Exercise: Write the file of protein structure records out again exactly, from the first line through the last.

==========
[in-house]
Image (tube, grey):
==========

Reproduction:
[in-house]
Image (tube, grey):